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Crypto Case Analysis

13 December 2022

Cryptocurrency fraud and claims involving digital assets are on the rise. The English Courts are adept at dealing with them and victims of crypto-fraud have a number of innovative weapons available to seek to recover their losses.  Below, we summarise some of the key English court decisions in this rapidly developing area. 

Tulip Trading v Bitcoin Association BSV and others

Issues

  • What duties do developers of cryptoassets owe to users of their software?
  • Where can you sue in relation to your crypto assets?

Decision

A CEO of a company (incorporated in the Seychelles) was a victim of computer hacking. The result was the misappropriation of "private keys", which allowed dealing in cryptocurrency worth over £3 billion the claimant was said to own. It was argued that the developers of the software used on the networks where the cryptoassets were held, controlled these networks and owed duties to the company, meaning that they were under an obligation to assist the company in regaining control and use of its cryptoassets by creating and implementing a software "patch".

The developers challenged the jurisdiction of the English Courts. The Court held that the developers did not owe the duties as alleged by the company. The developers were a fluctuating body of individuals and it could not be realistically argued that they owed continuing obligations to remain as developers and make future updates whenever it might be in the interests of crypto owners to do so. Further, the change sought could be to the disadvantage of other crypto owners and even if it could be argued that there was some form of relationship of trust and confidence, it does not follow that a duty to the company arose to the exclusion of others. The developers were not required to make changes in the circumstances where there was no known bug or defect affecting the software. No duty of care was found to exist.

The Court also held that the Bitcoin was located in England on the basis that the company's CEO was resident in England regardless of the fact that the country of the company's incorporation was Seychelles. This is because a company is resident where its central management and control is located, which is where its "real business" is carried on. Although the company had no active business, it was crucial that the company's CEO had the ability to deal with cryptoassets in England.

Danisz v Persons Unknown

Issues

  • Can the English Courts grant worldwide freezing orders to protect cryptoassets?

Decision

Yes. The High Court granted a UK resident who fell victim to a suspected fraud a combination of remedies including a worldwide freezing order prohibiting the defendants from unjustifiably disposing of, or otherwise dealing with, Bitcoin.

Fetch.ai Ltd v Persons Unknown Category A

Issues

  • Can you get a court order forcing a third party based outside England and Wales to provide documentation?

Decision

Yes. The victim had allegedly been defrauded out of cryptocurrency assets and sought to trace them.  In order to do so, they needed information from a cryptocurrency exchange located in the Cayman Islands which held the accounts into which the assets were transferred.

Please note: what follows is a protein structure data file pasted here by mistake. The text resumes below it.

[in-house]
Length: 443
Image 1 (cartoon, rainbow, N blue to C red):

The English Court allowed the victim to seek information from the exchange even though it was based outside of England and Wales.

In making its decision, the Court stated that cases of 'hot pursuit' could justify the making of such an order and that this was indeed such a case.

AA v Persons Unknown

Issues

  • Are cryptocurrencies a form of property, which can therefore be subject to a proprietary injunction?

Decision

Yes. A proprietary injunction is an injunction in relation to property which is the subject matter of a claim, where a victim alleges it owns property which is held by someone else. Usually a proprietary injunction prevents the person holding the property from disposing of it until the claim is determined.

In this case, in which the claimant transferred Bitcoin on the instructions of the perpetrators of a ransomware attack, it was established that cryptocurrencies are a form of property capable of being the subject of proprietary injunctions. The Court granted a proprietary injunction preserving the Bitcoin transferred to an address linked to an exchange operated by two of the defendants in the claim, so that the Bitcoin could not be transferred.

AA v Persons Unknown, Ion Science Limited v Persons Unknown, Fetch.ai Ltd v Persons Unknown Category AWang v Darby

Issues

  • Can cryptocurrencies be held on trust?

Decision

Yes, they can. This is significant because if a cryptoasset is held on trust, a person has more legal options for preserving and recovering it in the event that it is stolen or misappropriated.

In AA v Persons Unknown, the Court permitted service of the claim form out of England in relation to a claim based on a trust.

In Ion Science Limited v Persons Unknown, it was held that there was a serious issue to be tried in respect of the Bitcoin, which was obtained by fraud and was held on trust for the victim.

In Fetch.ai Ltd v Persons Unknown, it was held that a victim of cryptocurrency fraud had a reasonably arguable claim based on a trust in respect of his assets, which were dishonestly misappropriated.

In Wang v Darby, the Court concluded that no form of trust arose, because the assets were subject to a contractual arrangement that meant that a trust relationship had not been created.

For more information, contact Darren Kenny, Ben Griffin, Vadims BovtramovicsOleksandra Vytiaganets and Sarah Deloison.

Further Reading